Lorne Michaels Wanted Mike Myers to Remake The Graduate Instead of Making Wayne’s World

Also, Myers also revealed that you don't want to sit next to Paul McCartney at the movies

Mike Myers The Graduate
Photo by Tommaso Boddi/Getty Images for Netflix

    This article is part of our coverage of the 2022 Netflix Is a Joke: The Festival.

    At the first annual Netflix Is a Joke: The Festival in Los Angeles on Wednesday night, Mike Myers sat down with acclaimed director/Mike Myers super-fan David O. Russell for a wide-ranging talk. The two men looked back over Myers’ career up to this week’s premiere of the new Netflix original series The Pentaverate, bringing a few surprise revelations to the Los Angeles crowd — along with some extra insight into the brain of Lorne Michaels.

    As Myers told Russell, Michaels told him about an idea for an unexpected film remake in 1989, the year Myers joined the cast of Saturday Night Live, after being invited to the SNL creator’s house in the Hamptons. “He pitched me a movie — he said, ‘I want you to do a remake of The Graduate.'”

    The 1967 classic film, starring Dustin Hoffman as a disaffected college survivor who gets involved with a much older married woman, is not necessarily a film screaming out for a remake, which is why Myers told Michaels that “I don’t think that’s a good idea.”


    Michaels’ response, Myers said, was “‘I just offered you a fucking movie,'” but Myers replied by noting that “The Graduate doesn’t need to be remade. It’s a perfect film. And a little man should not stand in a great man’s shoes.”

    Myers instead said then that he wanted to make Wayne’s World as a film, to which Michaels said, “Really?” — a catchphrase which, Myers explained, “is Lorne for ‘You fucking idiot.'”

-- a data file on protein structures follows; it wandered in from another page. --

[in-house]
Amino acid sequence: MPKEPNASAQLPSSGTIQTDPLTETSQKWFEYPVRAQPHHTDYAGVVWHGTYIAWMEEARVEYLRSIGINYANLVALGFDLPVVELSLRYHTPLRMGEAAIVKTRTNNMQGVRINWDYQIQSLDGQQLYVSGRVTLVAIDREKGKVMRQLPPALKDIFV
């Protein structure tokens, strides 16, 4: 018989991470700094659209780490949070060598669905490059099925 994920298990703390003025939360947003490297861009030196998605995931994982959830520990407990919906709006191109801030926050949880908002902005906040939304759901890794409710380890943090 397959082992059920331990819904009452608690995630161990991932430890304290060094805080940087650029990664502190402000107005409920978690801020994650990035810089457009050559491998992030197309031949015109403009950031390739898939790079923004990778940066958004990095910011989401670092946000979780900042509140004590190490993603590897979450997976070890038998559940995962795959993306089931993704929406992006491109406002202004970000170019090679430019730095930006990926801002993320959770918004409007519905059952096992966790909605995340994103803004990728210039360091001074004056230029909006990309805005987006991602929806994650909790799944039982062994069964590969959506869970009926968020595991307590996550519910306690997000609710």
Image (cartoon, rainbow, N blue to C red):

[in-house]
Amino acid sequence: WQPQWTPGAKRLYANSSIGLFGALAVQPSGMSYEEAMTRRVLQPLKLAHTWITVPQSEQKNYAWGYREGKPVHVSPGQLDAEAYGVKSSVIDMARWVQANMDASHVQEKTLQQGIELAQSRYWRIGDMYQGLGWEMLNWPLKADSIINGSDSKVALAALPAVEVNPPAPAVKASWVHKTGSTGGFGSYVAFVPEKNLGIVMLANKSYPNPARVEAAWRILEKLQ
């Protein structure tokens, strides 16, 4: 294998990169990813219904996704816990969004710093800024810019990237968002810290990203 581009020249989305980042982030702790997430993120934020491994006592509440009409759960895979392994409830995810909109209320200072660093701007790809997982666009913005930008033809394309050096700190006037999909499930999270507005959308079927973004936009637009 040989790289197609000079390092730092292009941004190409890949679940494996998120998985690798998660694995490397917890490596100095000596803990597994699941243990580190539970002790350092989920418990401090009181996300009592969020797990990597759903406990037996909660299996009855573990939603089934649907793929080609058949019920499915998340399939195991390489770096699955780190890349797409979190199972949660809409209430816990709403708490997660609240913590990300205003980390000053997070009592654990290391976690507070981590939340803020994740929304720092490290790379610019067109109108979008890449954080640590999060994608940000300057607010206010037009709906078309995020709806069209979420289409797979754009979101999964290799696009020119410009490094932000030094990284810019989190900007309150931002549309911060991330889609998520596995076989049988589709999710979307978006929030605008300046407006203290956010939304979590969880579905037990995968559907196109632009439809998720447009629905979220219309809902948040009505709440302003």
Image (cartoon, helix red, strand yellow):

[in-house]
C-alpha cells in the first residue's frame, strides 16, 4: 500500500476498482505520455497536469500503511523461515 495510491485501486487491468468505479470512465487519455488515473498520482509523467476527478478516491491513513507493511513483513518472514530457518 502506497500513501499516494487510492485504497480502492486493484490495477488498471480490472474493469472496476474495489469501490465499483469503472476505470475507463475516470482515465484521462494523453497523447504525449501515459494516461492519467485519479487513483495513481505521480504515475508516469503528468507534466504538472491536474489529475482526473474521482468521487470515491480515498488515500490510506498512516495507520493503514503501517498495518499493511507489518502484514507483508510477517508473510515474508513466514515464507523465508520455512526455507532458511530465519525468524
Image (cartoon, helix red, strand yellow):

Myers then went on to decode other “Lorne-isms,” as Russell referred to them: When Michaels says “Riiiiiight” (imagine Dr. Evil saying it), it means, “He doesn’t want to hear about it anymore.” Meanwhile, when Michaels says “Cool,” it means, “Get the fuck out of my office.”


    Following this, Myers revealed that during the writing process for Wayne’s World, Michaels pushed him, on behalf of the studio, to consider using Guns N’ Roses in place of Queen’s “Bohemian Rhapsody” for the film’s iconic head-banging sequence. “Lorne kept putting under [my office door] the Billboard Hot 100 and it was all Guns N’ Roses, Guns N’ Roses, Guns N’ Roses,” he said, but he wasn’t swayed to change his mind, because “I love Guns N’ Roses. I don’t have a joke for Guns N’ Roses.”

    To Michaels’ credit, once Myers convinced him “Bohemian Rhapsody” was the right choice, “he talked to the studio on my behalf and made it happen. He was initially [against it], but then he became the greatest champion of it.”

    Myers then reflected on two impactful screenings he’d attended over the years — the first being a screening of the 2018 Queen biopic Bohemian Rhapsody, during which he was sitting next to Brian May of the band. Lead singer Freddie Mercury had passed away before Wayne’s World originally premiered in 1992, though he had granted permission for the song to be used after being sent a cut-down version of the movie’s “Bohemian Rhapsody” scene.


    “Brian May turns to me while [Bohemian Rhapsody] is on, he says, ‘You know, Freddy saw [‘Wayne’s World’] and he loved it,’ and I cried around the spot,” said Myers. “I had no idea. I didn’t know he had seen that until then.”

    The other emotional screening experience he shared was a story from the Wayne’s World 2 premiere in London, during which he was sitting next to Sir Paul McCartney. “My parents are from Liverpool, so you gotta imagine I was very nervous,” he said, before noting that McCartney is “fond of various weeds and verbal remedies… I don’t think I’m talking out of school, really.”

    Continued Myers, “I was sitting there nervous because, you know, I feel like an asshole, I’m in my head. And [McCartney] goes, ‘Well, that’s funny, that one.'” (Myers’ McCartney impression, to be clear, was pretty impressive.)


    “He goes, ‘Did you write this?’ and I said, ‘Yeah, most of it,'” Myers continued, with a shooing gesture at the imaginary McCartney beside him.

    “He’s talking to you during the movie,” Russell observed.

    “I know,” Myers said. “And my joke in my head was, ‘I wish I was sitting next to the quiet one.'”

    Mike Myers’ The Pentaverate is streaming now on Netflix.

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